There’s a saying that the best place to open a restaurant is next to a really good restaurant. The reasoning behind this is that people who go to the existing restaurant will see the new restaurant and are more likely to try it out.

When well-known organisations move to an area there can be lots of other businesses that benefit.

louboutinConde Nast, the publishers of numerous magazines including arguably the world’s most famous ladies fashion magazine Vogue, are just about to complete a move from times square in midtown Manhattan to the new World Trade Centre in the South of Manhattan.

According to reports in the New York Times, local businesses offering services such as hairdressing, manicures and lunchtime spas were feeling very pleased with themselves that the 2,300 mainly female staff of Conde Nast would be working in the same local area as them.

Unfortunately though the definition of “local area” isn’t the same for all people and the NYT reported that a number of businesses who originally thought they would be well-placed to serve the employees because they were only a 15 minute walk from the new offices have now realised that 15 minutes is too far.

And the reason 15 minutes’ walk is too far?

Well the reason has been put down to the fact that most of the employees of Conde Nast are wearing fashionable high heel shoes such as the £545 Louboutin shoes pictured above.

As any self-respecting Louboutin loving female (or Louboutin loving male for that matter) knows very well, it just isn’t possible to walk more than a couple of minutes in your killer 6 inch heels.

Not even if it means missing out on the new organic Amazonian vegan Bulgar wheat facial that the trendy spa 15 minutes’ walk away is offering.

Have a break. Have a fish and chip flavoured chocolate bar…

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Nestlé’s Kit Kat is one of the world’s best selling chocolate bars.

It is estimated that over 400 Kit Kat fingers are consumed every second worldwide and every 5 minutes enough Kit Kat fingers are produced to out stack the Eiffel Tower.

Whilst most people associate Kit Kat with its red wrapper alongside the classic wafer and chocolate taste, Nestlé actually segment the market rather nicely in a number of countries. They produce a range of flavours which are only available in certain countries according to local tastes. In simple terms they are dividing the market (segmenting) and then adjusting the marketing mix accordingly.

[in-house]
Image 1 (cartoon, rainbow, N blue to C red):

In Japan for example, Nestlé recently launched 19 new flavours. These flavours reflect the food specialities of certain districts and are only sold in these specific districts.

For example, you can buy a yubari melon flavour Kit Kat in the Hokkaido district, a strawberry cheesecake flavour in the Yokohama district and a cherry flavour one in the Yamagata district.

Different flavours are available in other countries (segments). For example, peanut butter flavour can be bought in Canada.

Now, originating from Scotland where my favourite dish was crispy cod and chips my obvious question to Nestlé is:

“When will a fish and chip flavoured Kit Kat be released in Scotland?”

I feel it’s only a matter of time so if any marketing executives from Nestlé are reading this then over to you…

Mobile phone plus food equals…

Mobile phones have revolutionized the world. It’s not just communication where they have changed things dramatically but if you think about it then a Smartphone is in effect a computer in your pocket.

Today’s Smartphones are more powerful than some of the computers we saw only a few years ago and are capable of doing lots of things.

So, they have lots of benefits but there’s one particular business that is trying to improve their results by encouraging their customers not to use their phones.

Over in America, a Los Angeles restaurant is offering diners a 5% discount on their meals if they don’t use their phones in the restaurant.

Now, in my mind this is a pretty good idea. I’ve been to some restaurants where it felt that I was the only person that was not speaking or texting on the phone (admittedly that was because my phone battery was dead but even so…).

Eva Restaurant in LA will offer a 5% discount if you hand over your phone for safe keeping as you enter the restaurant.

According to KPCC, owner Mark Gold said “For us, it’s really not about people disrupting other guests. Eva is home, and we want to create that environment of home, and we want people to connect again,” he explained. “It’s about two people sitting together and just connecting, without the distraction of a phone, and we’re trying to create an ambience where you come in and really enjoy the experience and the food and the company.”

I think this is a great idea and although I haven’t seen the small print of the terms and conditions of the offer then surely if I could get together 20 mobile phones to check in at the restaurant then 20 x 5% discount = 100% discount = equals free meals?

You get a safe hotel and a great bed. The towels and TV will cost you extra but what about the toilet paper?

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The Tune Hotel chain has just opened up its first hotel in the UK. The chain already has 7 hotels in Malaysia and 2 in Indonesia and they claim they offer 5 star beds at 1 star prices.

Their policy is to offer the essentials that people look for in a hotel such as safety, cleanliness and comfortable beds whilst at the same time removing a number of “extras” that some customers don’t necessarily want.